The first scrapbook documented five years of his relationship with Martha Vane, the Latin tutor. The first page contained a copy of her resume and a photograph of Ms. Vane. It was black and white and faded. She looked like June Cleaver, with her permed hair and a carefully tailored suit. Before turning to the next page, Em finished her glass of wine and returned to the kitchen for the bottle. I finished my glass in one swallow after seeing what those pages contained.
“You looked at these?”
“Yes, of course.” Her tone was oddly down-to-earth, but she didn’t offer to explain.
“All of them?”
“Yes, all twenty-seven.”
I nearly choked on the next sip of wine. “Why in God’s name would you look at all of them?”
“To prove to myself that it wasn’t just a bad dream. My therapist said I needed to confront my past in order to stop living in it. So yes, I looked at every single page and photograph.”
“Are there pictures of you?” My words stumbled out of my mouth, trying to shake the images of bodies tangled. The reality that some of the young faces staring feebly back from the photos were Atalik’s own children. He had molested his own kids, taken pictures, and then lovingly created twenty-seven albums. “But why keep them?”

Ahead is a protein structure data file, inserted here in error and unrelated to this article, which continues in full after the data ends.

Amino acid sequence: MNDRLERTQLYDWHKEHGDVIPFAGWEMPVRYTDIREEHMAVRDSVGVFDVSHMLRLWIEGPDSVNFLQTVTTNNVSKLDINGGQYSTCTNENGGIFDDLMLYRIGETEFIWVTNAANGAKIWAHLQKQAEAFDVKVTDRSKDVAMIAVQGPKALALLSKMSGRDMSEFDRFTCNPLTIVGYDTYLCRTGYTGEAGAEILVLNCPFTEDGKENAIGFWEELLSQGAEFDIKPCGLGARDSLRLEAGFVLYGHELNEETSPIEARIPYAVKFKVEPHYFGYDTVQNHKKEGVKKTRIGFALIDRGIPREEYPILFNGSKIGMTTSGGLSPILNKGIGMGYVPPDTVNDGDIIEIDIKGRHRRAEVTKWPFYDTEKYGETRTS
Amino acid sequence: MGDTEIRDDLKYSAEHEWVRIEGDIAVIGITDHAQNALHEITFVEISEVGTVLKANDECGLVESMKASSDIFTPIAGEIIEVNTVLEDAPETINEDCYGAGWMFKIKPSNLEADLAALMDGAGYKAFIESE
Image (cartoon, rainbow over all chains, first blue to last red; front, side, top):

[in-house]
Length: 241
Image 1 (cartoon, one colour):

“Proof that my father was insane. That my siblings and myself were victims not complicit in his crimes. I know that doesn’t necessarily mean they were innocent as adults, but I know in my heart they weren’t evil like him. As we continue, my brothers’ innocence must be maintained. I can’t bear the thought of their memories being dragged through the muck. They deserve better.” Em’s eyes watered, but she didn’t start to cry. She took several deep breaths and regained her composure.
“Is this why you didn’t have them buried with your father at the estate?”
“Yes, but my father isn’t buried there either.”